Oneok: Contract Rumors Jeopardize Merger
Oneok Inc. CEO Larry Brummett and Oklahoma Corporation
Commission (OCC) Chairman Bob Anthony sparred last week over
whether a 1993 gas purchase contract of Oneok subsidiary Oklahoma
Natural Gas (ONG) has been found to be fair to ratepayers. As
things stood Friday, Anthony was all but calling for an
investigation of the contract.
The 10-year contract between ONG and Tulsa, OK-based Dynamic
Energy Resources is said to be worth about $175 million and runs
until January 2004, Anthony said. The commissioner said the
contract specifies gas will be sold at whichever of three pricing
provisions is most attractive to the seller. One provision is spot
price plus 40 cents. Another specifies a flat price of $2.78/Mcf,
and the third is a weighted average cost of ONG's supply portfolio,
including the cost of old and expensive gas contracts, Anthony
said. "You might ask yourself why would anybody sign a contract to
pay more than the market price for 10 years," Anthony said.
When he asked Brummett the same question in the courtroom,
Anthony said the CEO couldn't answer it. "We are in the process of
assembling information on that right now," Oneok spokesman Roger
Mitchell said of Anthony's concerns about the supply contract. "Our
intention is to try to put this thing to bed. One commissioner is
creating the issues associated with this."
The contract has garnered much suspicion because of Dynamic
Energy. Dynamic's owners, Eugene and Nora Lum, have pleaded guilty
to federal campaign finance and tax violations. Rumors have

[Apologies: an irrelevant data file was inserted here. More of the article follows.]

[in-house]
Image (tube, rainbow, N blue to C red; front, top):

persisted that the ONG contract was somehow related to the Lums'
illegal activities, despite what Oneok calls repeated findings to
the contrary. The company pointed to a 1996 investigation by the
staff of the OCC's Public Utility Division that concluded the
Dynamic contract did not harm ratepayers and there was no evidence
Anthony pointed out that a staff investigation is not the same
thing as a commission ruling that the contract is prudent and
proper. "A commission ruling regarding the prudence of the contract
has never been made.
"I think the commission has a legal and constitutional
responsibility and duty to be sure that charges to consumers under
the contract are reasonable and prudent."
Brummett chided Anthony about a 1997 letter in which Brummett
challenged the commissioner to reveal any evidence of wrongdoing by
ONG. The company said Anthony has yet to respond to the letter.
Anthony said that is not true and that he did respond in his
concurring opinion approving the merger of Oneok and Western
Resources, which was filed Oct. 1, 1997. "The public still deserves
to know why ONG would give corrupt political operatives from
out-of-state a contract to sell about $175 million of natural gas
over a ten-year period when the principal owner had no gas
reserves, had no experience in the natural gas business, and
furthermore once had even testified she suffered from a memory
Last week OCC commissioners voted to release appendices to the
1996 OCC staff investigation report. The documents had been
requested under Oklahoma open records laws by three separate
parties. They contain information on the Dynamic contract as well
as other ONG gas supply agreements. Anthony said Oneok had
maintained it had no objection to releasing the information but was
concerned about liability it would have to suppliers for disclosure
of the information. The commission sought consent for the release
of the information from 24 parties who had contracts with ONG.
Anthony said eight gave permission to release the information;
seven raised no objections; and the others did not respond.
Brummett also last week told the commission that continuing
speculation about the Dynamic contract's propriety are jeopardizing
the $1.8 billion merger of Oneok and Southwest Gas. Joe Fisher,
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